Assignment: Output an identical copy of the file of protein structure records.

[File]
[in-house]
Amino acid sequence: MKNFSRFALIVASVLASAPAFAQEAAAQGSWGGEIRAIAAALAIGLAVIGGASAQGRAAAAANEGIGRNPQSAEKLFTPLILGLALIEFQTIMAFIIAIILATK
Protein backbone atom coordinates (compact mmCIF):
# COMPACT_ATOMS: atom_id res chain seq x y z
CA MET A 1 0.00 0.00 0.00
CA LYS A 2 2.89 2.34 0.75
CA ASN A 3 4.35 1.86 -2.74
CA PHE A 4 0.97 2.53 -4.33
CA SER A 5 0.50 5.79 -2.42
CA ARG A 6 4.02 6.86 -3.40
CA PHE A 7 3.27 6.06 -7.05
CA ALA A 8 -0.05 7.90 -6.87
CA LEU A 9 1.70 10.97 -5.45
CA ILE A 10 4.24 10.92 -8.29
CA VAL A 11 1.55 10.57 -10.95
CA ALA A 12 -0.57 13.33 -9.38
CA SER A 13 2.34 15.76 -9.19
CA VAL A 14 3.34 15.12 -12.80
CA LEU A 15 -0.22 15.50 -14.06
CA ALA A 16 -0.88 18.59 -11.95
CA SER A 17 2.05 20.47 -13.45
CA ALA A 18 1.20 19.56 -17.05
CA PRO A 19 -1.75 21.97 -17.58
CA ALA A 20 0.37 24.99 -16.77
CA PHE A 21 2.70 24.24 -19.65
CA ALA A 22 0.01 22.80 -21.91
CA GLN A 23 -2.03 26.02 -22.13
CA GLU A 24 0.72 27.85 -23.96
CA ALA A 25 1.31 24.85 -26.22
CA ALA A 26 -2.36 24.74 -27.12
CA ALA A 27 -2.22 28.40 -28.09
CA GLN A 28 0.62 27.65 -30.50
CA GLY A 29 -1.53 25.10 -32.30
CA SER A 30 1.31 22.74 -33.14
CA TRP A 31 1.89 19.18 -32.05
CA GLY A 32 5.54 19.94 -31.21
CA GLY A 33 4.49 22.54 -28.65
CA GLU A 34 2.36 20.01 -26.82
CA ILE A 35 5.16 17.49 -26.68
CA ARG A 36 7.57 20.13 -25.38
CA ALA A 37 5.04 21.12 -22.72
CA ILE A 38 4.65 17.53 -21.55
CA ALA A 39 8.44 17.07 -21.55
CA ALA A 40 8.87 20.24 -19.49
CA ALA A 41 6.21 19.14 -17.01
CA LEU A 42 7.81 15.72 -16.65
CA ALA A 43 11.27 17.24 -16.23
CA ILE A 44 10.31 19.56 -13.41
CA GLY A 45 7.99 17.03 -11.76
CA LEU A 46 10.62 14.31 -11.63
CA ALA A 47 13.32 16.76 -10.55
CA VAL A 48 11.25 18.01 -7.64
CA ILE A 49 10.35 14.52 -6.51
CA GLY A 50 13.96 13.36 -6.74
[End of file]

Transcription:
[in-house]
Amino acid sequence: MKNFSRFALIVASVLASAPAFAQEAAAQGSWGGEIRAIAAALAIGLAVIGGASAQGRAAAAANEGIGRNPQSAEKLFTPLILGLALIEFQTIMAFIIAIILATK
Protein backbone atom coordinates (compact mmCIF):
# COMPACT_ATOMS: atom_id res chain seq x y z
CA MET A 1 0.00 0.00 0.00
CA LYS A 2 2.89 2.34 0.75
CA ASN A 3 4.35 1.86 -2.74
CA PHE A 4 0.97 2.53 -4.33
CA SER A 5 0.50 5.79 -2.42
CA ARG A 6 4.02 6.86 -3.40
CA PHE A 7 3.27 6.06 -7.05
CA ALA A 8 -0.05 7.90 -6.87
CA LEU A 9 1.70 10.97 -5.45
CA ILE A 10 4.24 10.92 -8.29
CA VAL A 11 1.55 10.57 -10.95
CA ALA A 12 -0.57 13.33 -9.38
CA SER A 13 2.34 15.76 -9.19
CA VAL A 14 3.34 15.12 -12.80
CA LEU A 15 -0.22 15.50 -14.06
CA ALA A 16 -0.88 18.59 -11.95
CA SER A 17 2.05 20.47 -13.45
CA ALA A 18 1.20 19.56 -17.05
CA PRO A 19 -1.75 21.97 -17.58
CA ALA A 20 0.37 24.99 -16.77
CA PHE A 21 2.70 24.24 -19.65
CA ALA A 22 0.01 22.80 -21.91
CA GLN A 23 -2.03 26.02 -22.13
CA GLU A 24 0.72 27.85 -23.96
CA ALA A 25 1.31 24.85 -26.22
CA ALA A 26 -2.36 24.74 -27.12
CA ALA A 27 -2.22 28.40 -28.09
CA GLN A 28 0.62 27.65 -30.50
CA GLY A 29 -1.53 25.10 -32.30
CA SER A 30 1.31 22.74 -33.14
CA TRP A 31 1.89 19.18 -32.05
CA GLY A 32 5.54 19.94 -31.21
CA GLY A 33 4.49 22.54 -28.65
CA GLU A 34 2.36 20.01 -26.82
CA ILE A 35 5.16 17.49 -26.68
CA ARG A 36 7.57 20.13 -25.38
CA ALA A 37 5.04 21.12 -22.72
CA ILE A 38 4.65 17.53 -21.55
CA ALA A 39 8.44 17.07 -21.55
CA ALA A 40 8.87 20.24 -19.49
CA ALA A 41 6.21 19.14 -17.01
CA LEU A 42 7.81 15.72 -16.65
CA ALA A 43 11.27 17.24 -16.23
CA ILE A 44 10.31 19.56 -13.41
CA GLY A 45 7.99 17.03 -11.76
CA LEU A 46 10.62 14.31 -11.63
CA ALA A 47 13.32 16.76 -10.55
CA VAL A 48 11.25 18.01 -7.64
CA ILE A 49 10.35 14.52 -6.51
CA GLY A 50 13.96 13.36 -6.74